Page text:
Roxane (Roshanak), Bactrian princess and official wife of Alexander the Great
By: Jona Lendering
Roxane -her name Roshanak means "little star"- was the daughter of a Sogdian nobleman named Oxyartes (Vaxšuvadarva), who defended a mountain fortress against the invading army of the Macedonian king Alexander the Great (327 BCE). When the fortress was captured, the sixteen year old woman, was among the prisoners of war.
Sodoma, Wedding of Roxane and Alexander
At that stage of his campaign in the Achaemenid empire, it had become obvious that Alexander could not control his conquests without making concessions to the native population. He had to show respect to their customs if he wanted their respect. In the years 330-327 BCE, we see Alexander appointing Persians in important functions, dress himself like an Iranian nobleman, introduce the oriental court ritual (proskynesis). Marrying a local princess was a logical step.
The obvious candidate was Barsine, who had been Alexander's concubine since the battle of Issus in November 333 BCE. But this woman, who had already given birth to a son, was ignored. It is not known why, but she may have been unacceptable to the Iranian population, because she had spent a great deal of her life in Europe. Barsine may have been too Greek; an extra argument for this hypothesis is that later, she settled herself in Greece. Another explanation may be that Alexander had simply fallen in love with Roxane.
The marriage was concluded according to the local customs (click here for a description), and Roxane followed her husband when he invaded India (326 BCE) and returned to Babylonia (325-324 BCE). On June 11, 323 BCE, her husband died. She was pregnant.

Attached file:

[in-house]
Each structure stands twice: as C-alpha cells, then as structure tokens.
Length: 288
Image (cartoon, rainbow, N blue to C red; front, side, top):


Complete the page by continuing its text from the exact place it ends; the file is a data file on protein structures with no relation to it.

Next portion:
In the next years, the era of the Diadochi, she had a very difficult position. One of the commanders, Perdiccas, was chosen as regent for Alexander's mentally deficient brother Philip Arridaeus and his posthumous son, Alexander. Together, Perdiccas and Roxane executed Alexander's second wife, Statira, who could become a rival. However, Perdiccas died soon after, and the Macedonian commanders came together to discuss the future. During this meeting at Triparadisus, they decided to divide the empire (click here for the story). A new but weak regent, the old Antipater, was appointed. He ordered Roxane, Philip and the baby to go to Macedonia. For a woman who had grown up in Sogdiana, had seen India, had lived in the palaces of Persia and Babylonia, it must have been a strange experience to live in barbarous Europe.
For several years, she and her son were safe, but one of the rival commanders, Cassander, captured them in 316. Five years later, Cassander and the other Diadochi concluded a peace treaty in which they agreed that they would remain in charge of the empire until Roxane's son would become king (in 305 BCE). This was of course an incentive to execute the boy king and his mother, who were executed immediately (311/310 BCE).